In a landmark decision protecting Americans' digital privacy, the U.S. Supreme Court ruled unanimously on Wednesday that police almost always need to get warrants to search the cell phones of people they arrest.
"Modern cell phones are not just another technological convenience," wrote Chief Justice John G. Roberts Jr.. "With all they contain and all they may reveal, they hold for many Americans the 'privacies of life.' The fact that technology now allows an individual to carry such information in his hand does not make the information any less worthy of the protection for which the founders fought. Our answer to the question of what police must do before searching a cell phone seized incident to an arrest is accordingly simple -- get a warrant."
Peter Joy, a professor at Washington University Law School and director of the Criminal Justice Clinic, said, "The court got the cell phone case right. Searching a cell phone after an arrest isn't any more justified than it would be for the police to decide to go to the arrestee's home and search the home without a warrant. The cell phone searches are no more than fishing expeditions. If there is probable cause to believe that there is specific evidence of a crime on the phone, then the police could obtain a search warrant. As the court points out, the information on the cell phone does not fit any of the existing exceptions to permitting a warrantless search."
New technology poses challenge for court
The cell phone decision, coupled with one two years ago limiting the use of GPS data to track criminal suspects, demonstrates that the court is responding to the threats that modern communications technology pose to privacy.
The chief justice acknowledged that the court was making it more difficult for police. "We cannot deny our decision today will have an impact on the ability of law enforcement to combat crime. Cell phones have become important tools in facilitating coordination and communication among members of criminal enterprises and can provide valuable incriminating information about dangerous criminals. Privacy comes at a cost."
The decision involved two cases, one involving a smart phone and the other a flip phone. But the result was the same.
- In a case from California, David L. Riley was pulled over in San Diego for an expired auto registration. Police found loaded guns in his car. Riley's smartphone contained entries associated with the Bloods street gang and he was linked to a shooting. Riley was convicted of attempted murder and sentenced to 15 years in prison.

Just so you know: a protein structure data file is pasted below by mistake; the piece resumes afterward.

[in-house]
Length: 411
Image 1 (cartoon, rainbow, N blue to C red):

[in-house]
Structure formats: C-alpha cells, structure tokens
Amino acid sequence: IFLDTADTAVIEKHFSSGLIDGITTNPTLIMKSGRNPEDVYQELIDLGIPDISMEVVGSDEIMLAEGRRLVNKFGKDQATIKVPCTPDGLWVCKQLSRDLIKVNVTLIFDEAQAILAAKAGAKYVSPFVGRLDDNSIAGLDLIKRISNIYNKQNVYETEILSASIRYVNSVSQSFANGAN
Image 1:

- In the second case, Brima Wurie was arrested in Boston on drug charges. Calls to his flip phone enabled police to locate his apartment where they found drugs and a gun. He was convicted of firearms and drugs charges.
The court ruled that both searches violated the Fourth Amendment, which protects people from unreasonable searches.
In recent decades, the Supreme Court often has made exceptions to the warrant requirement of the Fourth Amendment. One of those exceptions is for searches following an arrest. This exception has two rationales.
- One is police safety -- to make sure the prisoner can't reach a weapon.
- The other is to discover the fruits of a crime.
Under these exceptions the court allowed police to search a crumpled cigarette package in a prisoner's pocket that turned out to have drugs, but it did not approve of a search of a person's entire apartment at the time of an arrest.
Roberts said that neither rationale justified a search of a cell phone found on a suspect. Police can examine the phone to make sure that it can't be used as a weapon. And they can examine the phone for evidence after getting a warrant if they have probable cause to believe they will find evidence of a crime.